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Explore the way Wilfred Owen presents the war and the life of soldiers within in it in Dulce Et Decorum Est

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Explore the way Wilfred Owen presents the war and the life of soldiers within in it in "Dulce Et Decorum Est" The poem "Dulce Et Decorum Est" by Wilfred Owen was written sometime after the Battle of Ypres in 1915, where gas was first used as a weapon. By using various techniques, Owen is able to outline the horror of such an attack and as a result, try and disprove the widely held belief of it being sweet and honourable to die for one's country. This poem is a direct attack on the politicians and writers who encouraged people to sign up for the war, a war which Owen believed was taking the lives of so many young men for no justifiable cause. Firstly, from the very outset, Owen describes the soldiers as 'bent double' and 'knock-kneed'. This is very shocking, considering the fact that many people's perception of a soldier was an upright man in fine uniform on horseback. ...read more.


The suddenness and unpredictability of actions in the war is explored by Owen by using rhythm. At the start of the poem, in the first stanza, there is a very slow rhythm which makes the reader peruse the poem slowly. Owen does this to mirror the slow 'cursed' trudge of the men as they make their way towards the 'distant rest'. However, the arrival of the second stanza brings with it an explosion of pace which is accomplished by using exclamation marks and very short sentences; 'GAS! Gas! Quick, boys!' This significantly increases the speed of the poem and hence allows the reader to empathise with the feeling of the soldiers and shows how quickly they have to react in order to save themselves from a long and painful death. This is further emphasised by Owen when he changes the tense to the present in the second stanza. The effect of this is to reinforce the sense of immediacy felt by the soldiers and to further outline how close they are to death. ...read more.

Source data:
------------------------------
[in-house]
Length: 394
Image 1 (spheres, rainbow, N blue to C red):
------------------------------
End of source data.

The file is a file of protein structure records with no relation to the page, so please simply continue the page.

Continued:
In conclusion, the intense imagery of war and its horrors is portrayed throughout the poem. As a result, it is clear that Owen considers the war to be a terrible way of ending the lives of so many young men who are led to believe the old lie of 'Dulce et decorum est pro patria mori'. He believes that the ends the war is being fought for are unjust and so people should not be 'conned' into thinking they are doing a 'sweet and honourable' duty by serving in the war effort. Crucially, it must be noted that Owen is not against war; all he says is that the type of war being fought is not the right one and to get this point across, he uses emotive and explicit language to let the politicians and pro-war writers, such as Jessie Pope, back at home have at least some inkling of what their 'boys' were experiencing on the front. ...read more.

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